You may have PTSD from your abusive relationship. Try EMDR therapy for that and take the meds as prescribed. Also, if you need to not date while you sort this out, let J know and see if you can be friends. It seems like she would be supportive of whatever you need to heal.
posted by xenophile at 7:59 PM on February 11 [1 favorite]


A lot of the people here are saying to take care of yourself... but I am going to speak as someone who's been in your girlfriend's shoes.

You are being reckless and you stand to hurt her a lot. Whenever you say, "I'm worthless" and other put downs, you are setting yourself up for hurting her, because as long as you've spoken badly about yourself then "it's not your fault, you're an anxious guy with problems who is an emotional mess. Therefore it's okay for you to hurt people." Those can be the excuses you make in your mind.

If you have sex and a relationship with someone, if you say you love someone, you owe them more (a LOT more) than a sudden breakup without so much as a thoughtful, considered, in person conversation, preferably over time. If you decide to make a choice that will emotionally devastate someone, you owe it to them to be resolute enough that you're not going to take it back and lead them on when you feel like it later. Like you are doing right now by sleeping with her again.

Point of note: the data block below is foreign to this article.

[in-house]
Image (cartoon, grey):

I am not going to say "put on your own oxygen mask first." If you're an employed guy who has the wherewithal to travel and f@#$ this lady, you're not starved of oxygen. You owe it to her to be a decent human being before you start worrying about yourself.

On the other side of dating questions, AskMefi often says, "When someone tells you who they are, believe them." You are exactly that guy women are warned about, who is telling this lady he's worthless and emotional mess, because he is setting up to hurt her (and already has). I am not sure why these responses to you are so kind.

"How do you untangle the threads of a beat-up heart?" That is so melodramatic it's almost a caricature, of That Guy who is so "emotionally wounded" that he hurts women and believes it's somehow okay. When you're in a long term exclusive relationship with someone who you supposedly love, your actions are a big deal. You are treating it like a melodrama that has more to do with your poor wounded emotions than your responsibilities to another person. You sound like an angsty teenager rather than a mature adult.

Make choices and stick to them. Care for people. Put good actions above your emotional whims. Be a man. That would be my advice.
posted by htid at 8:09 PM on February 11 [2 favorites]


Since I got home from her city we've kept in touch by email, phone and Skype. My heart leaps when I see her or hear her, and I know that she feels the same.

And yet, it feels like there's something missing.